The exclusivist claims of Christianity are a subject of ongoing debate both within the Church and outside it. When President Ford was buried from the National Cathedral a while back and the traditional funeral gospel reading from John 14 omitted the concluding phrase, "No one comes to the Father but by me," that omission did not go unnoticed either by those who were inclined to applaud it or by those who were scandalized by it. The recent deposition of an Episcopal priest who also professed Islam, and the bishop-elect who also walks the way of Zen Buddhism, have kept the issue on center stage.
With Good Shepherd Sunday coming up, I ran across this from the late Anglican New Testament scholar Reginald Fuller in his homiletical notes on John 10:11-18 for the Fourth Sunday of Easter (from Preaching the Lectionary, 1984). It speaks to the question cogently:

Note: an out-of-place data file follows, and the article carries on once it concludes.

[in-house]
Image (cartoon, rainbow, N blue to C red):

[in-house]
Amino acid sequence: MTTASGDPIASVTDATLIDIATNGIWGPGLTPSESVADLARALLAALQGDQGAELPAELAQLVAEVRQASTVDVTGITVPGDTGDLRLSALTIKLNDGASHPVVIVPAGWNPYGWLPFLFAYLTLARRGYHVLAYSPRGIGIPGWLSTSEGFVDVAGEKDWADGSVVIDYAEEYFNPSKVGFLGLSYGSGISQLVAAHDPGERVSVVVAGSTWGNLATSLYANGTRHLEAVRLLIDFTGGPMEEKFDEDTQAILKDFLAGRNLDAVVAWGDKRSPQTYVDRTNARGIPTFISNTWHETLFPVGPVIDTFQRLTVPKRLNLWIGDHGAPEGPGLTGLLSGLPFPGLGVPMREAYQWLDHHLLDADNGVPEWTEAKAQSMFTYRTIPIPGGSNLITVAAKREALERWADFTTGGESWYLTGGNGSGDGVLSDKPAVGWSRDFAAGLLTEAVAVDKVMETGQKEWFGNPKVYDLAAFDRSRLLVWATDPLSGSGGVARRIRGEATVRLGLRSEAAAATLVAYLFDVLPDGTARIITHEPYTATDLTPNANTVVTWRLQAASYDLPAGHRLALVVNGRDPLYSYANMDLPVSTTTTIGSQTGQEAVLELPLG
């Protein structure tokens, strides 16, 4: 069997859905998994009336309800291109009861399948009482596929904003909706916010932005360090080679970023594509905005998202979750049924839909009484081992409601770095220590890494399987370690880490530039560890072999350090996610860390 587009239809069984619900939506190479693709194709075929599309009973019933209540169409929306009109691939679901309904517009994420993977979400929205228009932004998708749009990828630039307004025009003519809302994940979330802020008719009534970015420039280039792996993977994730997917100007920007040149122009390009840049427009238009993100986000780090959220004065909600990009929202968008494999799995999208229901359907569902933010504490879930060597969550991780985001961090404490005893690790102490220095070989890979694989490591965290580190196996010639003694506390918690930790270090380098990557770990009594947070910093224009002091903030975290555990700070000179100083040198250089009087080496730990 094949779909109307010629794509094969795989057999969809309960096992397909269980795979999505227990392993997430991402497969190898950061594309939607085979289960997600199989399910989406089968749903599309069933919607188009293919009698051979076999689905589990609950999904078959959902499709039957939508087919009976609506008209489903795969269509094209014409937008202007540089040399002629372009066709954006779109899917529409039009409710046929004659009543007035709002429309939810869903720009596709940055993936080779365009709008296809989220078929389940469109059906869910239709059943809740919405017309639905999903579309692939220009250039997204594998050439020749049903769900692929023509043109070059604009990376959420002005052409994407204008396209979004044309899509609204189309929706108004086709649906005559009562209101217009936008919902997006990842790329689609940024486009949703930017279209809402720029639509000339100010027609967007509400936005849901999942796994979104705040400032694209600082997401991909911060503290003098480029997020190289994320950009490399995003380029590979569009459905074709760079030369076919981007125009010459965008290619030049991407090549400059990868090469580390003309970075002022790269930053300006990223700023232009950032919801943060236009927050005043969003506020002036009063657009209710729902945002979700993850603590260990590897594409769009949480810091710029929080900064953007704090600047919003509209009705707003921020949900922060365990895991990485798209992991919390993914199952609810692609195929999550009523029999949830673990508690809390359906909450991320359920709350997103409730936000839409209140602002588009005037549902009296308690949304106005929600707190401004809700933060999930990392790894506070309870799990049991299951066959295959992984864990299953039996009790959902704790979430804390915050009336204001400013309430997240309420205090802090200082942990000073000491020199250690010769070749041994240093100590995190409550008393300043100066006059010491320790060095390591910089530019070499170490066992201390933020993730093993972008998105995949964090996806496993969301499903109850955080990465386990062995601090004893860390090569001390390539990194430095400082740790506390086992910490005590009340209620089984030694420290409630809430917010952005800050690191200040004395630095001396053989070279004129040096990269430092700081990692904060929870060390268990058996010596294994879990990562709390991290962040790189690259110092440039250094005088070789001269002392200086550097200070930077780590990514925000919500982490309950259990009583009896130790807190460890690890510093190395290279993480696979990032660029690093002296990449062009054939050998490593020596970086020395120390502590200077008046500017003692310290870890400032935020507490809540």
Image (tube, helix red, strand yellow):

(Referring to Article XXVII of the Church of England, Of Obtaining Salvation Only by the Name of Christ) In modern words, this article condemns the view that it is good to have a religion but it doesn't matter which one. The biblical exclusiveness that underlies the mission of the Church can be linked with ... the parable of the sheep and the shepherd: "I have other sheep that are not of this fold; I must bring them also, and they will heed my voice. So there shall be one flock, one shepherd." Perhaps, too, the "wolves" against which the good shepherd defends his flock are those broad-minded Christians today who hold that salvation is through any religion, not through Christ alone. This is exclusive claim is made because only Christ has been raised from the dead. Only he has passed through death to our final destiny, and therefore we can attain our final salvation only through him.